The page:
Monday, October 17, 2011

DC's Land Grab

Federally-owned property islands throughout Washington, D.C. puncture the District government's urban domain, often for obvious reasons, but in some places that seem without rationale for federal jurisdiction. Recent efforts by Congresswoman Eleanor Holmes Norton and the Deputy Mayor for Planning and Economic Development have begun to sew together some of the holes, parcel by parcel, adding more territory of the city. The Louisiana Purchase it is not, but a recent bill in the House of Representatives may transfer a cluster of lots from the Department of the Interior to the District. The lots are:

1) Square 336, Lot 828, the site of the Shaw Junior High School recreational fields, valued at $14,689,890.00 as of 2009 (all property values according to the DC Citizen Atlas)

2) Square 542, Lot 85, the site of the Southwest Library, valued at $15,318,280.00 as of 2008,

3) Square 2864, lot 830, the site of Meyer Elementary School (across from Howard University), valued at $13,378,420,

4) Reservation 277-A, a small traffic island at Florida Ave. and North Capitol St.

5) Square 2558, Lot 803, part of the Marie H. Reed Community Learning Center, valued at $519,570, and

6) Square 2558, Lot 810, part of the Marie H. Reed Community Learning Center, valued at $4,758,510.

Shaw Junior High Rec Fields
As part of an effort to consolidate administrative rights on land within the District's jurisdiction, Congresswoman Norton (D-DC) introduced a bill (H.R. 5494) to the House of Representatives on June 9th. The bill mandated that the Director of the National Park Service and the Secretary of the Interior transfer six properties to the District of Columbia, gratis.

Southwest Library
Valerie Santos, Deputy Mayor for Planning and Business Development sat on the panel that addressed the subcommittee on National Parks, Forests and Public Lands on June 24th, testifying in favor of the transfer of the parcels to the District. While Santos advocated for the transfer, her office explained the rationale:
Meyer Elementary School
"There are no defined uses identified at this point in time. The parcels in question were aggregated through a variety of means. In some cases, the transfer was borne out of community-based discussions on possible future alternatives for these properties. In other cases, the parcels were selected by virtue of the existing uses on the site and the possibility of future co-locations at some educational campuses," said Jose Sousa in the Deputy Mayor's office.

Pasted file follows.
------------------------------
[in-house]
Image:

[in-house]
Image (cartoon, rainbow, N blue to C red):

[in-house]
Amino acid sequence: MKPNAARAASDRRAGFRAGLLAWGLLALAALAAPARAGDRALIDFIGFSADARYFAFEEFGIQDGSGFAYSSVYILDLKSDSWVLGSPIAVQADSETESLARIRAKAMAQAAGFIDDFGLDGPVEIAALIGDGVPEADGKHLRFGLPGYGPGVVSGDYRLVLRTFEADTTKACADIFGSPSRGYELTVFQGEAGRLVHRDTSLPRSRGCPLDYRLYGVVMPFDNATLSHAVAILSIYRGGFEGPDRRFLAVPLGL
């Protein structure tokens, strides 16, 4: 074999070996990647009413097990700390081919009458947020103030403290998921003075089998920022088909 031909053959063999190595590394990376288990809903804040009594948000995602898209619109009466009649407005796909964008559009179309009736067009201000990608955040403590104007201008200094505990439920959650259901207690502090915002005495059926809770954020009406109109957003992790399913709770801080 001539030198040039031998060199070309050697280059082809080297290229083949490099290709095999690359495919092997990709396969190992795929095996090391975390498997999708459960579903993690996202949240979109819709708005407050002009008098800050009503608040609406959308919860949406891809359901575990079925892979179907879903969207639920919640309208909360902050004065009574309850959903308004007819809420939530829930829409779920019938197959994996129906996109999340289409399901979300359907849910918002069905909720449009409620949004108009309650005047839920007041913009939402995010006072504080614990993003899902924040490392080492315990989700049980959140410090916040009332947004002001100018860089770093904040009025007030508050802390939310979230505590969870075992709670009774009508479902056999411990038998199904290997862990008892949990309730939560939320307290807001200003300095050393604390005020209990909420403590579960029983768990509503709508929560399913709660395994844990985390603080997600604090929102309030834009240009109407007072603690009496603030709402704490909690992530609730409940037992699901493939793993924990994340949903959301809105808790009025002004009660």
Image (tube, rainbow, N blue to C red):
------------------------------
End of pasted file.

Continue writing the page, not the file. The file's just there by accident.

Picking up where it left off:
Florida Avenue
The two Department of Interior parcels present a pertinent example of how one building - the Marie H. Reed Community Learning Center - constructed over multiple parcels, sits on both Federal- and District-administered land. The Deputy Mayor's office reports that while there have not been any problems with the administration of the building as is, "complete site control guards against the possibility of any difficulties in the future." There are no plans to redevelop this site. The Shaw Junior High School Recreation fields and Meyer Elementary School are unoccupied, and the intersection of Florida Ave. and North Capitol St. is a traffic island. This intersection is slated as a mixed-use zone under the District's 2006 Future Land Uses map. The city shut down the Meyer Elementary School because of persistent poor performance and violent crime on the premises.

Marie H. Reed Community Learning Center
"This administration is committed to the re-activation of fallow sites across the District. Our office will work with the communities in which these parcels are located to determine what possible uses are best suited to the sites. Similarly, we will continue to evaluate whether there are other parcels in the Federal inventory that would benefit the District in the same fashion," said Sousa. On a large-scale perspective, he compared the city's efforts to redevelop these parcels to the Hill East Project, another federal acquisition, which began the master planning process in 2002 with the intent of better connecting DC to the Anacostia waterfront through a mix of uses. Time will tell if that means new developments on any of the city's newfound property.

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Anonymous said...

how on earth did the triangle on florida become federal property?

IMGoph on Aug 1, 2010, 10:44:00 AM said...

probably because it used to be part of the middle of truxton circle, when it was a circle.

Adam L said...

These sorts of back-and-forth land transfer deals happen all the time. One has to remember, however, that while this may be "gratis", all public property in DC ultimately belongs to the Feds. Congress could revoke the Home Rule Act tomorrow and all "DC-owned" properties would go back to them.

In addition, when the Feds transfer property to DC government, the city also picks up the cost to maintain the property. While it may not be very expensive to maintain small parcels of land, other properties transferred to DC government, especially buildings, require a significant amount of upkeep. Oftentimes the Feds are happy to get rid of properties just so they don't have to deal with them.

Anonymous said...

With respect to maintenance, though - I'd be surprised if the Feds were actually paying to do any maintenance for, say, the SW library. As far as I can see, that's all municipal funds. A good number of parks in the city are maintained by DPR, though owned by the park service. It's kind of annoying because NPS can set rules about what parks can and can't be used for (witness the debates over the ice rink at Ft. Dupont park or the prohibition on dog parks on national park property) but don't have to have to pay to maintain them.

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